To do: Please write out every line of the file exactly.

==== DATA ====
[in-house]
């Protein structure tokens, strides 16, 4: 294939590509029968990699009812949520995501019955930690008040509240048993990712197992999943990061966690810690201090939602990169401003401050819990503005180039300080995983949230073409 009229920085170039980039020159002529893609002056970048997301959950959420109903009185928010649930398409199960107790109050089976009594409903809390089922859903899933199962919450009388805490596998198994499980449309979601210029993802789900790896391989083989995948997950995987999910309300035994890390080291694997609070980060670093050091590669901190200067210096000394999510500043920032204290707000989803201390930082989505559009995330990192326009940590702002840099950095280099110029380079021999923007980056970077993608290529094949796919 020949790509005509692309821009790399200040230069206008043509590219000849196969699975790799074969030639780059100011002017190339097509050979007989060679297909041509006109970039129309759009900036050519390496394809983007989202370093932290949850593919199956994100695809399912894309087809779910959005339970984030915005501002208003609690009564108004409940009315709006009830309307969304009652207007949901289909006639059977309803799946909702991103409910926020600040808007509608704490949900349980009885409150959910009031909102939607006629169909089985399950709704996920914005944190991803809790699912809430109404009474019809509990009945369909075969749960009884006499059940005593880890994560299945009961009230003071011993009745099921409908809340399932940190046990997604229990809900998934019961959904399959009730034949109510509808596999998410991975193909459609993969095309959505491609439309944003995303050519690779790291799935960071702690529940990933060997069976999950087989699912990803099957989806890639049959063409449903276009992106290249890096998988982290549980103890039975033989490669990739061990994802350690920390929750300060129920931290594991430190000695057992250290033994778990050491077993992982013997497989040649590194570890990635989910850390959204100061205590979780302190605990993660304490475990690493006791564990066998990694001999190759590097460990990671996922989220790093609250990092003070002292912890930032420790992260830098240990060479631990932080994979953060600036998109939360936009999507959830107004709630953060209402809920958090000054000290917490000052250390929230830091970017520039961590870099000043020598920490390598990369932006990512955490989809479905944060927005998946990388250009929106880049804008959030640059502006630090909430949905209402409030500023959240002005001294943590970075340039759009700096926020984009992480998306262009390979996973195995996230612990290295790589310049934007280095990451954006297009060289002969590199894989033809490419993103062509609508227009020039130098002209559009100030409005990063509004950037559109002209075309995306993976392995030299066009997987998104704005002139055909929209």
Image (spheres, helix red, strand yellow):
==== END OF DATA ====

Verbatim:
[in-house]
């Protein structure tokens, strides 16, 4: 294939590509029968990699009812949520995501019955930690008040509240048993990712197992999943990061966690810690201090939602990169401003401050819990503005180039300080995983949230073409 009229920085170039980039020159002529893609002056970048997301959950959420109903009185928010649930398409199960107790109050089976009594409903809390089922859903899933199962919450009388805490596998198994499980449309979601210029993802789900790896391989083989995948997950995987999910309300035994890390080291694997609070980060670093050091590669901190200067210096000394999510500043920032204290707000989803201390930082989505559009995330990192326009940590702002840099950095280099110029380079021999923007980056970077993608290529094949796919 020949790509005509692309821009790399200040230069206008043509590219000849196969699975790799074969030639780059100011002017190339097509050979007989060679297909041509006109970039129309759009900036050519390496394809983007989202370093932290949850593919199956994100695809399912894309087809779910959005339970984030915005501002208003609690009564108004409940009315709006009830309307969304009652207007949901289909006639059977309803799946909702991103409910926020600040808007509608704490949900349980009885409150959910009031909102939607006629169909089985399950709704996920914005944190991803809790699912809430109404009474019809509990009945369909075969749960009884006499059940005593880890994560299945009961009230003071011993009745099921409908809340399932940190046990997604229990809900998934019961959904399959009730034949109510509808596999998410991975193909459609993969095309959505491609439309944003995303050519690779790291799935960071702690529940990933060997069976999950087989699912990803099957989806890639049959063409449903276009992106290249890096998988982290549980103890039975033989490669990739061990994802350690920390929750300060129920931290594991430190000695057992250290033994778990050491077993992982013997497989040649590194570890990635989910850390959204100061205590979780302190605990993660304490475990690493006791564990066998990694001999190759590097460990990671996922989220790093609250990092003070002292912890930032420790992260830098240990060479631990932080994979953060600036998109939360936009999507959830107004709630953060209402809920958090000054000290917490000052250390929230830091970017520039961590870099000043020598920490390598990369932006990512955490989809479905944060927005998946990388250009929106880049804008959030640059502006630090909430949905209402409030500023959240002005001294943590970075340039759009700096926020984009992480998306262009390979996973195995996230612990290295790589310049934007280095990451954006297009060289002969590199894989033809490419993103062509609508227009020039130098002209559009100030409005990063509004950037559109002209075309995306993976392995030299066009997987998104704005002139055909929209």
Image (spheres, helix red, strand yellow):